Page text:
The Africa Centre for Parliamentary Affairs (ACEPA) says the decision by the Speaker of Parliament to declare the Fomena seat vacant in the House exposes serious gaps in the 1992 Constitution.
Executive Director of ACEPA, Dr. Rasheed Dramani, maintains that the precedent set by the ruling from the Speaker could be exploited by political parties to determine the status of MPs to the detriment of their constituents.
The Speaker of Parliament, acting upon a request from the New Patriotic Party (NPP), declared the Fomena seat in the Ashanti Region vacant.
But Dr. Rasheed Dramani, who spoke to Citi News on the ruling, said although the Speaker did what was required of him based on the legal framework of Parliament, the decision could also have dire consequences on Ghana’s democracy in the medium to long term.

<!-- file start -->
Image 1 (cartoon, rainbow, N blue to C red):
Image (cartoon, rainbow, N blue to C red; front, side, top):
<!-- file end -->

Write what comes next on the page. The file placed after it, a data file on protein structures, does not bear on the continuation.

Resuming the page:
“I think the Speaker did the right thing. What he was simply doing was interpreting the constitution. He did what the constitution says under such circumstances. What this precedent seeks to do is the fact that we are being made to believe that a Member of Parliament is only for the interest of a political party in parliament. However, this precedent exposes some serious gaps in the constitution. And if those gaps are not quickly addressed, there will be wide-ranging implications for our democracy,” he said.
The former Member of Parliament for Fomena, Andrew Amoako Asiamah, lost in the party's primaries held in June 2020.
Unhappy with the turnout of the election, he filed as an independent candidate in the December polls.
On October 13th, 2020, the NPP wrote to the Speaker of Parliament to trigger the provisions of Article 97(1)g for the seat in the House to be declared vacant.
In response, the Speaker, on Saturday, November 7, 2020, ruled that the Fomena seat had become vacant in line with article 97 (1) of the 1992 Constitution.